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Foo Wee San

Contributor Biography

Foo Wee San is a compulsive shopper and an eternally hungry teenager. If he’s not sleeping or eating, he’s usually bingeing Netflix shows or working on like... actual work he’s getting paid to do. An aspiring media practitioner, he has no idea what media sector he will be entering after his national service duties. Wee San also loves writing, editing videos, hanging out with his friends, amongst many other things.

If beds could talk

if my bed could talk, it’ll tell me that at 2:57AM last morning,
mummy came into my room (in hand: tiny portable radio, connected to an old pair of Sony earphones; still sleepless)
inverted palm on my forehead, arms heavy (not mum’s spaghetti; burdened by the weight of increasing financial woes; the thought of whether her 79-year-old mother is sleeping well enough

in the hospital)
she tries, but sometimes not hard enough (according to her wealthy brothers; ivory towers

provide an unobstructed view—must buy this property)
‘warm’ she mumbles in Teochew, as her fingers interlock swiftly after
a silent prayer (Subject of Prayer: Goddess of Mercy, Please Help Me, Please; P.S. Covid-19 is

still rampant)
Teresa Teng’s dreamy vocals, unwittingly muffled by the subpar Sony earphones, drowned out

her prayers.


if ward 63, room 17, bed 5 could talk, it’ll tell me that ah ma is
hungry, very very hungry,
but cannot eat
speech therapist say cannot eat
             speech therapist say cannot eat
                          speech therapist say cannot eat
she only just want roast duck
‘come i teach you how to make curry; sarawak chillis, remember!’
prime supermarket
prime supermarket good deals
            ‘pri- prime… prime minister of singapore? i not sure leh missy, is it lee kuan yew?’
ah john got chided for asking ah ma to get better soon so he can eat her curry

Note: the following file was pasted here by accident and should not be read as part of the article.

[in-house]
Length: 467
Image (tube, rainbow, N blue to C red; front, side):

ah john’s 2nd grandmother says ah ma cannot let go because she wants to cook curry
all because ah john is very selfish
ah john wants to eat ah ma’s curry
ah ma makes really really good curry; i understand
‘ah john ah, i see your face and i am so happy’ (in Mandarin)

Udaiyaathathu to Papa

            i)               How Do I Start?
Papa I am very truly sorry, for many reasons
such as the way I talk, the way I walk, the way I struggle with being apologetic. Papa
please do not try to figure out what you and Mama have done wrong, such
answers I can tell you Vishnu has none that you seek so badly so please
revisit Krishna’s words instead. And when you stare into the mirror at night for more answers
remember you are the reason Chandra was raped while grocery shopping in the plaza, revisit
the memory of you sending me to a French boarding school, for prestige, remember?
At least now I know how to speak French—vas te faire foutre [1], Papa. The
reasons you gave me I could count with one hand. Please try slightly harder.
            ii)             Patriarchy Is A Terrible Thing, Isn’t It?
Chandra brought out the sweets and fritters for the ‘men of the house’, I remember that
you forcefully pushed the platters out of my reach. Sissies are not men; vice versa. Chandra,
how is she? Is she eating well? I miss her gajar ka halwa [2] and you
hated them because they were always under-sweetened and you’d lament how